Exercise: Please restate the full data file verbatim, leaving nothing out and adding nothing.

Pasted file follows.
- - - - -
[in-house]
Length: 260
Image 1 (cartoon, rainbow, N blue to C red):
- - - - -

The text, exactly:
[in-house]
Length: 260
Image 1 (cartoon, rainbow, N blue to C red):